Zaorálek has shown that he is more a CSSD leader of the Moravia-Silesia region than a foreign minister.
In a recent interview with Czech daily Hospodářské noviny, Foreign Minister Lubomír Zaorálek went against EU institutions – virtually every one of his answers was a complaint. Moreover, he suggested that free movement of the labour force should be regulated (read: limited).
Yet he was conciliatory on one issue: he said very clearly that he is not interested in conflict with Miloš Zeman and will not criticise him. After this interview 1, it is also clear that he has no reason to do so.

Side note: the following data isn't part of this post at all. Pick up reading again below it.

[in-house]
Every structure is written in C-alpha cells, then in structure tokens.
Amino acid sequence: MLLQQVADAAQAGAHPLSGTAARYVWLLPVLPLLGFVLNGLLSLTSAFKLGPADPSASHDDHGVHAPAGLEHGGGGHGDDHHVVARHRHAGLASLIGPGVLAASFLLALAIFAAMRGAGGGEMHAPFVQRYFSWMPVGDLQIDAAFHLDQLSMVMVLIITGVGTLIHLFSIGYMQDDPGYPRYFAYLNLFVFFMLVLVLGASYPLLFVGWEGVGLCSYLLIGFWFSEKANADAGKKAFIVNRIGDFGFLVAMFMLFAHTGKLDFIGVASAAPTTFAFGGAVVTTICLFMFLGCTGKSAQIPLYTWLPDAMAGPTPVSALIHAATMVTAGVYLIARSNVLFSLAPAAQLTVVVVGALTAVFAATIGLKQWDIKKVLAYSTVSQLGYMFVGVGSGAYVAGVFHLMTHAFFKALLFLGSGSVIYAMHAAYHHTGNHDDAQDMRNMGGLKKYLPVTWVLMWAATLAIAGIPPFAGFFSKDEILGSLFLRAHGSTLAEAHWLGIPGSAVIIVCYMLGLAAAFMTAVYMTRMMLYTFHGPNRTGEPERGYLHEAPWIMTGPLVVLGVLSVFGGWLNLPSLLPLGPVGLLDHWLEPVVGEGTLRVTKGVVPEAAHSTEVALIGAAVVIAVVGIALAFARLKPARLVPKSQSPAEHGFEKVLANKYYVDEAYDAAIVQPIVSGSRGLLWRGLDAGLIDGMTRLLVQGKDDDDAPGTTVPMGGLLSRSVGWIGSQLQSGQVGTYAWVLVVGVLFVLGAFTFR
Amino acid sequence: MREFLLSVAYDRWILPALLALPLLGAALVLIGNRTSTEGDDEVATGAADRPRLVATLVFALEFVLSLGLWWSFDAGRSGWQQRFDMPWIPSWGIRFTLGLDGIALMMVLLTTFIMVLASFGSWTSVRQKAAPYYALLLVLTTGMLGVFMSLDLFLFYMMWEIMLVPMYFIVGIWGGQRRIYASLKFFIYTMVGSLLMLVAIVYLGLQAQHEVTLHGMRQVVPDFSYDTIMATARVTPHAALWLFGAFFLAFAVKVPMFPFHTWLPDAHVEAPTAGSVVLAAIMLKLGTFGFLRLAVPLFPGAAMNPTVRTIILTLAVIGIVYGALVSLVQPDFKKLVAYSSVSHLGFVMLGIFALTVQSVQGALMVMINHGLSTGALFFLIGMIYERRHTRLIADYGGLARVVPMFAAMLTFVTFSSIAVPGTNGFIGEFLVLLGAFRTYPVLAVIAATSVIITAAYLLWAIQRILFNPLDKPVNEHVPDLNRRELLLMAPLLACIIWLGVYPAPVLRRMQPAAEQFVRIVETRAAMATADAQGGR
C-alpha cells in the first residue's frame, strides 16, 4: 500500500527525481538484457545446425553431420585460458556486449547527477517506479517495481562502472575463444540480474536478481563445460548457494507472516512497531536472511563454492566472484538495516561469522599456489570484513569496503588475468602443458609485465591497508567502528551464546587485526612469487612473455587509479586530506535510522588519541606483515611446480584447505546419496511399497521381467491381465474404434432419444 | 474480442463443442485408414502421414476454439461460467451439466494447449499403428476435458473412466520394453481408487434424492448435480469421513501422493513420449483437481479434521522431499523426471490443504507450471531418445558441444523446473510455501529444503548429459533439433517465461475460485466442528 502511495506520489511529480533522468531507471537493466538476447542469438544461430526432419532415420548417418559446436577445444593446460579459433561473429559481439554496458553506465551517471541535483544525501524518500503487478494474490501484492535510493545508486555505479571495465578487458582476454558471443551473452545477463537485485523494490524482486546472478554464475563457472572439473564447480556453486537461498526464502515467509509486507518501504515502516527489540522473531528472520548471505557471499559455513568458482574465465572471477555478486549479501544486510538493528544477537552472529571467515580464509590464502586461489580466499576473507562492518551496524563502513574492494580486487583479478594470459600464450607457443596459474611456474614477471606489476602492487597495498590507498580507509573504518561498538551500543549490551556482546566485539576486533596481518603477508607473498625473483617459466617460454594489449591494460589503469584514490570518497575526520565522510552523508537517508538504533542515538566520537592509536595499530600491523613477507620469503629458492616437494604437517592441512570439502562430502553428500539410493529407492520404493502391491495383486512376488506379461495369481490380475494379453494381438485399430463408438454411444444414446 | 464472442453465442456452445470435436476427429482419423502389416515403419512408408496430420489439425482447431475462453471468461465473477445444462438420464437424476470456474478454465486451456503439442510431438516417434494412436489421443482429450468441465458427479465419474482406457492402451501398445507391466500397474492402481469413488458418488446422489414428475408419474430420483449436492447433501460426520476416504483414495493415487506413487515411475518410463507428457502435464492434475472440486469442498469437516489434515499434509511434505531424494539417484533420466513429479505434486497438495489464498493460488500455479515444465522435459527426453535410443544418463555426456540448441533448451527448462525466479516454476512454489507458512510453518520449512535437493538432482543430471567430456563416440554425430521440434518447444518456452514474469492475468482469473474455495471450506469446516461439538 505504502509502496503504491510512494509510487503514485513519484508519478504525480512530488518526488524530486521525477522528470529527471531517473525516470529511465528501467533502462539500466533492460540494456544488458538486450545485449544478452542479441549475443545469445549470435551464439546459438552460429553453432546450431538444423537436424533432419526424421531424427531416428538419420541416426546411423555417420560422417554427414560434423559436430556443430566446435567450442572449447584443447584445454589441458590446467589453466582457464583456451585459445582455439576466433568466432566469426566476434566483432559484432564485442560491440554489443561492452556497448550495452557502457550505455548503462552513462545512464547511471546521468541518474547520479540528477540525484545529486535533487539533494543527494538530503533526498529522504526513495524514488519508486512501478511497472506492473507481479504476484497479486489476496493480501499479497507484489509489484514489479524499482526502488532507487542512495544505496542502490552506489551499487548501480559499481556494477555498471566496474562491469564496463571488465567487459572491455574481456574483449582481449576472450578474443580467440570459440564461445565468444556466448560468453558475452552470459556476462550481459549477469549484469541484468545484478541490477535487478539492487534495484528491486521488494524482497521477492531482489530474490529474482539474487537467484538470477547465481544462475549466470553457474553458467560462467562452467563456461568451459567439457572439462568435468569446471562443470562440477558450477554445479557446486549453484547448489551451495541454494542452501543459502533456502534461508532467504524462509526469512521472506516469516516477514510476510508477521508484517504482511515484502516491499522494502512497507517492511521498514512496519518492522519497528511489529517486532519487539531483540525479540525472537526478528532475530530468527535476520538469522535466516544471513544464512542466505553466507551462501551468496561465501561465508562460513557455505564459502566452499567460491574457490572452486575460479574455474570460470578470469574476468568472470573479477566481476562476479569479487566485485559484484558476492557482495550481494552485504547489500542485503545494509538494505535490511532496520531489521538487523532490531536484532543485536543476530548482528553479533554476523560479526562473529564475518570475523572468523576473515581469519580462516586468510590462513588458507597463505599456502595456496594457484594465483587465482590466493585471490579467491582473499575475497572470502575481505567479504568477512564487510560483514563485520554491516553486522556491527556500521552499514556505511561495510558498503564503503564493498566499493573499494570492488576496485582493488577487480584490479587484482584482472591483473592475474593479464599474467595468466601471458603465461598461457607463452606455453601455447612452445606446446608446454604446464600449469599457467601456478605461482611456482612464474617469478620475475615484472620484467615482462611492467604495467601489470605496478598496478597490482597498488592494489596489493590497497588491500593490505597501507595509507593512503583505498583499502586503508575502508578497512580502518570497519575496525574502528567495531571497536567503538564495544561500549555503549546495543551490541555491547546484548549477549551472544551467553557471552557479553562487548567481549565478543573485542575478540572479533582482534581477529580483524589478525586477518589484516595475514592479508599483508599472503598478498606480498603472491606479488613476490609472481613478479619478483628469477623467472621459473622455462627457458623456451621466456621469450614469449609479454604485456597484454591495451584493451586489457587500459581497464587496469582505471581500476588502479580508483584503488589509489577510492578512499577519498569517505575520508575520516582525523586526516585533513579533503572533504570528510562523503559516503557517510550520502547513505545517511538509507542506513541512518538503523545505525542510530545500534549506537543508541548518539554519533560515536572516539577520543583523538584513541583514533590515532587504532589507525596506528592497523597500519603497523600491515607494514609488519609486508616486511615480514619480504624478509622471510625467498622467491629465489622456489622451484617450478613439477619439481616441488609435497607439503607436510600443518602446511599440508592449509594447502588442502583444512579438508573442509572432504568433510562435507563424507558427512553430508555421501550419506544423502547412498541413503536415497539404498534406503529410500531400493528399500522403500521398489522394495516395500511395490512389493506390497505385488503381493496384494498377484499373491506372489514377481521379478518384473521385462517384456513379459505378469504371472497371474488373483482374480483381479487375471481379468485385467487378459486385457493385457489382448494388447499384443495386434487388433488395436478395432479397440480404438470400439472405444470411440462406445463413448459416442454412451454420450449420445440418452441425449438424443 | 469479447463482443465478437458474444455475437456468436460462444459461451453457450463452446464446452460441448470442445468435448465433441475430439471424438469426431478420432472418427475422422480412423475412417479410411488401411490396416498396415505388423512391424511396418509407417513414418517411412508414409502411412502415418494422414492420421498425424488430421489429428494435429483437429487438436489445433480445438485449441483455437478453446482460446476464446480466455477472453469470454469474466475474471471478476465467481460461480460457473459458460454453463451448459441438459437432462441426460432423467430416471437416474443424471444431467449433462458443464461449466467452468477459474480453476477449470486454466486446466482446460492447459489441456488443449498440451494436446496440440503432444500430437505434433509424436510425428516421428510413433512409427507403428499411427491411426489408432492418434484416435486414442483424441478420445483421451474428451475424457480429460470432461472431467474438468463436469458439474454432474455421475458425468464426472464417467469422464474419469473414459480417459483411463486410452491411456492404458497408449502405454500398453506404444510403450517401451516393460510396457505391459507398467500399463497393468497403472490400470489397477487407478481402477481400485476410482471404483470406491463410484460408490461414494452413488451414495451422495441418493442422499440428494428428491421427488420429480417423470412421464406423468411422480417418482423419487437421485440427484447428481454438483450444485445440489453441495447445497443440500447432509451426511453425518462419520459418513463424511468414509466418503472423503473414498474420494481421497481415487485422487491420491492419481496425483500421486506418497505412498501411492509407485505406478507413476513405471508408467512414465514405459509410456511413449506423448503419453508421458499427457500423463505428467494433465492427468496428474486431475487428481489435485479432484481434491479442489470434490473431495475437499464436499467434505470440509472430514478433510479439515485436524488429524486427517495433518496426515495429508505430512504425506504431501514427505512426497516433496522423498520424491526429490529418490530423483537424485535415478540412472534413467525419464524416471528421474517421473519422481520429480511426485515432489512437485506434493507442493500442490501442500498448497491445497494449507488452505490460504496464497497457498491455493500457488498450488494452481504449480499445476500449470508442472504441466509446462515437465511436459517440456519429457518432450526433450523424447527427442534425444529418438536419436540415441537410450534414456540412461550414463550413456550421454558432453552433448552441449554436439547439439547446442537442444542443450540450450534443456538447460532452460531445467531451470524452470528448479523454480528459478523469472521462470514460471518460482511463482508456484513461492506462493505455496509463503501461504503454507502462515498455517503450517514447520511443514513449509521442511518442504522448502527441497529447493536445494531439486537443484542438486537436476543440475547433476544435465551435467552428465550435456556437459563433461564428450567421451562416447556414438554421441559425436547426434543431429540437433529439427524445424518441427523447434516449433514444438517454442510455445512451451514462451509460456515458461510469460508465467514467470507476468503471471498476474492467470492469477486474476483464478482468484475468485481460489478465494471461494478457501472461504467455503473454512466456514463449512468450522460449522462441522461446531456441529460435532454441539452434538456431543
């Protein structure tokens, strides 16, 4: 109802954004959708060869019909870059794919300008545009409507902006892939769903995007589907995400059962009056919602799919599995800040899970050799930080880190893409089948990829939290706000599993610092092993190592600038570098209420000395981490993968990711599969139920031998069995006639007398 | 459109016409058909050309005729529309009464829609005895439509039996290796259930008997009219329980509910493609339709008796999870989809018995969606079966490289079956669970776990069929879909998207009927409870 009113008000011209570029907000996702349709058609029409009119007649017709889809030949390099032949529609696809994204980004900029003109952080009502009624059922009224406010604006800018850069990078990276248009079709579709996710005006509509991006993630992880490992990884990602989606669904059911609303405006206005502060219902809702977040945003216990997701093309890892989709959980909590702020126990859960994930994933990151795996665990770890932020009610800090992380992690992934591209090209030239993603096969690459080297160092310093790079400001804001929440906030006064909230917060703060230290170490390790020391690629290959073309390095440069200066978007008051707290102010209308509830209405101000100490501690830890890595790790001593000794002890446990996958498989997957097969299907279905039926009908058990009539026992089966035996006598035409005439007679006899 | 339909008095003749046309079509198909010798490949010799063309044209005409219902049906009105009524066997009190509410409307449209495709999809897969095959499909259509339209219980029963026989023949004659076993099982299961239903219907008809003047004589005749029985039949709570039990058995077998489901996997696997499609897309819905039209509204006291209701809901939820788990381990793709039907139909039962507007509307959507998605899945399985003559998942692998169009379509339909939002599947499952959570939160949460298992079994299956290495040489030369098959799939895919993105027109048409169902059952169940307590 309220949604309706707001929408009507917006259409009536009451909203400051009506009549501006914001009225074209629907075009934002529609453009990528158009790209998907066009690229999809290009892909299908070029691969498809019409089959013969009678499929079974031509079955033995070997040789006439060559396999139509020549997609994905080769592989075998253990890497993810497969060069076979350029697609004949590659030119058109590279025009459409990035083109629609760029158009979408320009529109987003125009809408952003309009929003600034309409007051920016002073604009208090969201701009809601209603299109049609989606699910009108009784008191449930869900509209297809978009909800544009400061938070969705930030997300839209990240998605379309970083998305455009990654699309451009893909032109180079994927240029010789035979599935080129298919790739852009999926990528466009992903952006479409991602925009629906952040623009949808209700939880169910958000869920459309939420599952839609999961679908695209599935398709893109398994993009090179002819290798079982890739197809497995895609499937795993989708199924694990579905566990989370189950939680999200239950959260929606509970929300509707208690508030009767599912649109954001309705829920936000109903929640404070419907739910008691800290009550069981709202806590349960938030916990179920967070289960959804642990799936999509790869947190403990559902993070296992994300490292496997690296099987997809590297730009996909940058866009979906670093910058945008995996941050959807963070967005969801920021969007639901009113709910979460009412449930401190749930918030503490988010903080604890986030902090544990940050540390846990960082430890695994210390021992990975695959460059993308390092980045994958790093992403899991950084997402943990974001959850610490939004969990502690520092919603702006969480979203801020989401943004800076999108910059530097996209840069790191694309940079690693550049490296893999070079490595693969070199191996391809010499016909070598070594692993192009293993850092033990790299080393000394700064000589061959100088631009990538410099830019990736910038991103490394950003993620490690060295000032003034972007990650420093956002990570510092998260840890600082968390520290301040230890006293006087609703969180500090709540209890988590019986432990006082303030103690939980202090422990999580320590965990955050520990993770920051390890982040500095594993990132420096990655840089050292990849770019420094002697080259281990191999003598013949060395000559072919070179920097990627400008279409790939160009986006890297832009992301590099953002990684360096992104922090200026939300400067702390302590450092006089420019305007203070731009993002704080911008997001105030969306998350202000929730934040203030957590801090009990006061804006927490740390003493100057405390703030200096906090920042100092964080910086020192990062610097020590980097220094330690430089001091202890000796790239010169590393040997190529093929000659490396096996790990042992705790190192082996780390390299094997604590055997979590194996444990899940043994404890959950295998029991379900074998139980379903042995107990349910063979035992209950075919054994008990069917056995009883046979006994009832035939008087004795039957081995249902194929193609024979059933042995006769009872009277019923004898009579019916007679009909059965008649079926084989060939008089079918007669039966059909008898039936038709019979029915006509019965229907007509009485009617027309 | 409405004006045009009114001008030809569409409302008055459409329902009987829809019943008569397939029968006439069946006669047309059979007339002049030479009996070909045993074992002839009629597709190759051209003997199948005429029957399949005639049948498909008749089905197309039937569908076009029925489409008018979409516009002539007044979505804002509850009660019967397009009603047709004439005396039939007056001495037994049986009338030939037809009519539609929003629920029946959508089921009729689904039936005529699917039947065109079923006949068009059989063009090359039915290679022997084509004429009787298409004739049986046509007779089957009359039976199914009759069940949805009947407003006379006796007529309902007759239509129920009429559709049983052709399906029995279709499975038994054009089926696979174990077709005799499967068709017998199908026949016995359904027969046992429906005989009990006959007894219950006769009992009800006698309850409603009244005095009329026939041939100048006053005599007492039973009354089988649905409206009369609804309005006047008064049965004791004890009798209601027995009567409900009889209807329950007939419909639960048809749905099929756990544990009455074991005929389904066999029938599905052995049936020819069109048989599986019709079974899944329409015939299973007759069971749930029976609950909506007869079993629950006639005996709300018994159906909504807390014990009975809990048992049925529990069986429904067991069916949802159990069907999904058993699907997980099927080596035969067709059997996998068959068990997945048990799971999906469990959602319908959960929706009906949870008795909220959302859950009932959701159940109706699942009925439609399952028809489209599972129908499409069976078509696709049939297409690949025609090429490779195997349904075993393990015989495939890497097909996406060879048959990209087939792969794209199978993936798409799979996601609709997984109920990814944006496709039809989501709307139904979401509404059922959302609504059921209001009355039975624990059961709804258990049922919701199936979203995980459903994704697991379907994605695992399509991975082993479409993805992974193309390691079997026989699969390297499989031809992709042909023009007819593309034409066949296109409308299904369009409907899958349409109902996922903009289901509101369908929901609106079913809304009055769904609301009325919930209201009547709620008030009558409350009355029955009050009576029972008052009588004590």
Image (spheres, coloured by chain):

“The Czech Republic’s opinion on important issues has not been heard at all. And when we have occasionally had the chance to say something, it did not make much sense. Today we are considered dunderheads who do not really know what they want,” the Foreign Minister stated in a commentary entitled “Let’s Wake Up our Foreign Policy” when he assumed his post in 2014. 2
Yet under Zaorálek, Czech foreign policy has reached precisely this point. The Social Democrats swore that with their arrival, after years of ODS rule, Czech foreign policy would see a big pro-European turn. However, this did not happen.
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